Guru George <email@example.com> added:
>I agree. This is a subject that has fascinated me enormously since I
>had 'mystical experiences' as a child. Several times I remember thinking
>"Who am I?" so intensely and concentratedly, that my sense of 'self'
>suddenly disappeared, and in its place was ... (what? I could say
>something like 'God' consciousness, because that's what it felt like in
>a sense, but really I suppose it was just 'pure' consciousness without a
>reflexive component). You could say that 'I' didn't experience it at
>all, or you could say 'I' wasn't even there; yet the experience was
>perfectly lucid and normal, nothing *looked* any different, but the *
>meaning* of it all had undergone a revolution.
"First there is a mountain, then there is no mountain, then there is."
--Donnovan (?) paraphrasing a Zen saying.
>Looking back at that paragraph, I should note that my sense of self
>didn't disappear exactly, but was, so to speak, *seen through*. I still
>knew who was who, and what was what in relative terms, but I wasn't*identified
>* with anything less than existence, the universe itself.
Funny, I just read these, but I had written the following for my diary
your ego is your idea of yourself.
and while you want to leave your idea of yourself
subject to doubt and revision,
you still need to be as true to yourself--your actual self--
as you know how to be.
and your ego is your own judgement--so far--about that.
so the idea is not to fight or oppose or ignore or belittle the ego,
but to realize that it is an idea, a judgement, and that it's necessary.
you don't want to be ego-centric--enslaved to one of your own ideas,
but you do want to be self-centered--speaking and acting from your
own center as best you know how--and that know-how is your ego.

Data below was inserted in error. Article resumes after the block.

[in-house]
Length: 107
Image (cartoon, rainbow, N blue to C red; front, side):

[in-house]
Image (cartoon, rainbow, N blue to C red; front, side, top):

it is possible to be more true to yourself than you *know* how to
be, just because it's possible to have resources or luck that you
didn't know you had. in fact it's possible to know *that*, to count
on it, make provision for it, choose it as a way of life--that is, to
incorporate knowlege of your ego's incompleteness into your ego.
but maybe what some people mean by ego is your self-image's tendency
to distort to serve *itself*.
I follow Fritz Perls' line in most things, and he noted that your "self" is
just yourself. You are your body, there is no "self" inside you. But the
ego, in Perls' terms, is the aspect of you that is trying to determine
what's you and what's not-you. Perls thought that most neuroses were
problems of incorrect identification, treating self as nonself or vice-
versa. And he seemed both fascinated by "satori" (awakening) experiences,
and scornful of the idea of "oneness with everything." I still worship the
guy but I think he was difficult sometimes. I mean difficult to worship.
Maybe he was saying what I was saying (or vice-versa): that are you and
have to be you.
I hope I made clear the three levels I was talking about above:
actual self, idea/image of self, and the tendency of the idea to distort
so as to become entrenched. Only the last one of the three is something to
>>Some religions claim that this [letting go of ego] is letting in "god".
Another way to look at it is to define "God" as all the stuff one's
ideas and habits of perception don't account for. So to let go [of
preconceptions] is to "let [in] God." I think a lot of what religions say
is useful--even vital--when you interpret it in that way. Ideas and
habits have a tendency to close in on themselves tighter and tighter, and
it's important to have a compass that keeps pointing you in the opposite
-- firstname.lastname@example.org Steve Witham web page under reconsideration "At the latter I was informal, at the former I wore my suit, I wore my swimming suit." --Kate & Anna McGarrigle